Though evolutionarily native to Estvoled's southern poles, the odhans are sometimes said to be social natives wherever they go, embracing other cultures while still retaining the most important parts of their original heritages, which are legacies told through songs passed down generations. Odhans stand heads above most other races, but their grand speakers do not demand attention just from their size; they use their bodies like a stage, drawing attention to them and every word they have to say.
Etymology and Other Names
Odhan, as a term, is thought to simply come from an older phrase meaning great people. Though on a surface level this could be taken to refer to their size, it may also refer to old traditions of the odhans living in Beinji only permitting their highest ranked members of society to interact with society. In effect, only their great people would be seen by the outside world, and they would come to represent the race as a whole.
Estvoldian languages typically use the word odhan in some way, or have a word clearly related to it, such as Yaux's odau. Kuda, another language mostly spoken by the odhans, uses the word oo-reong; though it shares the same prefix meaning grand or great, the latter part of the word actually comes from a root word meaning compromise, perhaps referring either to the odhans' historical presence in diplomatic matters or how they would naturally have to compromise living among races so different from them.
Odhans are covered in shaggy, typically dark fur that can often make their already impressive sizes seem all the larger, especially with the long manes that are especially bushy on the tops of their heads. As they have a naturally quadrupedal stance, they stand out as the only four-legged race native to Estvoled, and they tower over most other races even beyond their home planet with their enormously long necks. An odhan's neck will usually be slightly longer than their legs; their neck's length is further made all the more impressive by how flexible it is, with the vertebrae allowing the odhan to even completely turn their head around. Odhan tails are similarly flexible and long, though like the rest of the odhan's body, it is deceptively wide on account of a typical odhan's long fur. Much of an odhan's size comes from their height as opposed to pure bulk; compared to the similarly-tall doerons, odhans are much more lithe and have lower weights on average.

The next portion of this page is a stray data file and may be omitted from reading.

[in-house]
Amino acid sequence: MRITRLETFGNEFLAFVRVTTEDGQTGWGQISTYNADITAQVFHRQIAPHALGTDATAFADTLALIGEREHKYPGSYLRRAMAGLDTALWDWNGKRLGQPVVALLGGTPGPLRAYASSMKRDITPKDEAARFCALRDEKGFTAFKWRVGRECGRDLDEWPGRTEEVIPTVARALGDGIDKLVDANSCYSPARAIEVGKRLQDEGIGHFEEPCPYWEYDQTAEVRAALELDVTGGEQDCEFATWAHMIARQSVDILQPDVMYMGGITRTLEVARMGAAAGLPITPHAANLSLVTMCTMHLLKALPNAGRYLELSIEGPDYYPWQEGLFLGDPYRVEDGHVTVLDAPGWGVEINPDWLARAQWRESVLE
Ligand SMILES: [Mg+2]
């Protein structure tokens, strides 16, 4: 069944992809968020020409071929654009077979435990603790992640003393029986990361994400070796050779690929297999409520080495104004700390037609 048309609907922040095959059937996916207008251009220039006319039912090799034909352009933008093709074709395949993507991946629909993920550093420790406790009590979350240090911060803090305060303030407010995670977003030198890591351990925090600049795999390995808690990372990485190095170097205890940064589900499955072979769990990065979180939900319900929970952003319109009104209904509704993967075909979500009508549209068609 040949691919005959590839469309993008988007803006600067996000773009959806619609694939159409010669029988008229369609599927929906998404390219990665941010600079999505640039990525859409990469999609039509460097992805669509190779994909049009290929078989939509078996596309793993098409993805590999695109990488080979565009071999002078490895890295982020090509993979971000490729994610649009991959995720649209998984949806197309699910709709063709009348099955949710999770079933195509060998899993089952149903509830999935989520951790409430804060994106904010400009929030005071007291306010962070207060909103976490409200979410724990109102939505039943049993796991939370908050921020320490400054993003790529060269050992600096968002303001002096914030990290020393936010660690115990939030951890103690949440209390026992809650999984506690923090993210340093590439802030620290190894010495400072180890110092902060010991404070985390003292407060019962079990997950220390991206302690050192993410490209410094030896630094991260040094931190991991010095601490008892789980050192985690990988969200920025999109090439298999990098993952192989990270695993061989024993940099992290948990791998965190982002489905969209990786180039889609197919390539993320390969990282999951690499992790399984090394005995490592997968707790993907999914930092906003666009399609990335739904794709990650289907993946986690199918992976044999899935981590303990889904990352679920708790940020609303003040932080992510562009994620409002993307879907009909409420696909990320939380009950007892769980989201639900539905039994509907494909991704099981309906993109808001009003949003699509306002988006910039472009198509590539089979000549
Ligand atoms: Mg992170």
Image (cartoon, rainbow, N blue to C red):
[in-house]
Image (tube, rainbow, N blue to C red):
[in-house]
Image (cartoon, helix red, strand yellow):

An odhan's chest "dips" downwards relative to the rest of their torso, which tapers towards their long tails. This can give the impression that their back legs are much longer than their front legs, as the connecting torso is more narrow around their hindquarters. Though there is a height difference between an odhan's two pairs of legs, the difference is only slight and mostly gives the odhan the appearance of leaning forwards slightly, particularly with the bony outgrowths on their shoulders. These outgrowths aren't particularly long, and most odhan only have them at the front rather than a second pair above their hind legs; theories tend to postulate that the odhan race countless years ago may have had another pair of limbs, such as wings, before they eventually dwindled away to their current state. An odhan's legs end in five-fingered paws that are equipped with long claws that assist the odhan in keeping their footing on even slippery surfaces. When an odhan's hold is uncertain, they naturally flex their toes and dig their claws into the ground; because their feet are so wide relative to the rest of the leg, odhans are often able to traverse even thin ice without much problem.
The face of an odhan is usually round with a somewhat short muzzle that ends with long nostril slits on the front; though they have teeth, they are not especially large and are blunted towards the back of the jaw, with the front teeth being narrow and sometimes even difficult to see unless the odhan's lips are pulled back. Odhans also have small, rounded ears that flare slightly when they catch an unusual sound. They have especially dense neuron clusters in their brains dedicated solely to processing sound; although odhans cannot hear quite as wide of a range of frequencies as some other races, they are adept at processing the sounds they hear and have a greater ability in focusing on even one sound amid a cluster of others.